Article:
Rapid Access Biosecurity app: Tool for all pork producers during FAD
Most larger companies have already included their Secure Pork Supply information in program, now focusing on independent farms in Missouri to join.
Source: University of Missouri Extension
via National Hog Farmer - Aug 04, 2022
The Rapid Access Biosecurity app can help in the event of a transboundary or foreign animal disease outbreak in the United States, says Corinne Bromfield, University of Missouri swine extension veterinarian. The web-based RAB app helps pork farmers get their Secure Pork Supply Plans in a format regulatory officials can access quickly when needed and approve plans and provide permits when requested.
"The RAB app securely and electronically stores farm information for quick access," she says. "Speed is key in a foreign animal disease response."
Bromfield says most larger companies have already included their information in this program, so they are now focusing on independent farms in Missouri to join. "We don't want independent producers to miss out on the same opportunities as the big companies have here," Bromfield says.
The faster it is known where potentially affected farms are, the better regulatory officials can respond, she says. "Knowing which farms are unlikely to be affected is just as important as knowing the potentially affected ones," Bromfield says. "Because if we don't have any understanding of the farm, it will get categorized as risky until proven otherwise."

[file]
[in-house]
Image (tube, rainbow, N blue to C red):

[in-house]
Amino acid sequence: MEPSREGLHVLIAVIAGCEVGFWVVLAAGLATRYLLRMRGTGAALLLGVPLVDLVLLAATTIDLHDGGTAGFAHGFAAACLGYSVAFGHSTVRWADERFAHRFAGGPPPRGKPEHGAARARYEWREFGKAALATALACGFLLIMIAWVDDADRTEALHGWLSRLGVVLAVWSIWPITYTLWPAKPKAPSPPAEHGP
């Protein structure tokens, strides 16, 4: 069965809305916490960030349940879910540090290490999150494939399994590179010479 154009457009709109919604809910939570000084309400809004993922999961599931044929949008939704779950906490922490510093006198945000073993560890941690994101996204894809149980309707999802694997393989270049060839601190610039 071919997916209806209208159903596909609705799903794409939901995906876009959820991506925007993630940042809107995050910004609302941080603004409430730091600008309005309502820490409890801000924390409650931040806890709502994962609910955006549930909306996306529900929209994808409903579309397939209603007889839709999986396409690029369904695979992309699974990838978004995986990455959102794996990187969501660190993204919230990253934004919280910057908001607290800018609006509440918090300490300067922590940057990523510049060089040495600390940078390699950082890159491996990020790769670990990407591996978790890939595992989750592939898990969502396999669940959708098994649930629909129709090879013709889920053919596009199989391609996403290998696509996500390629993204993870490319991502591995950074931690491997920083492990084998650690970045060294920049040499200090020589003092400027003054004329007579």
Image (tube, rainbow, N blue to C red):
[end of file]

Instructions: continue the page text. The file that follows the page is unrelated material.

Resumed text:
Secure Pork Supply through the National Pork Board and USDA Animal and Plant Health Inspection Service, is a business continuity plan in the face of a transboundary or foreign animal disease in the United States. It includes evaluation of biosecurity on farms before a disease event to help ensure that pigs will stay safe and healthy.
Infected farms will be quarantined to help control the spread of disease. There will be a control and surveillance zone surrounding the infected farms where other farms may also be quarantined.
Farms in the control and surveillance zone that have a Secure Pork Supply Plan in place have the best chance of keeping the disease off their farm and being able to apply for permitted movement.
"When high pathogenic avian influenza was detected at Missouri poultry farms, those farms were quarantined, and many were depopulated. Farms nearby needed to take additional precautions to keep their birds safe and healthy," says Bromfield...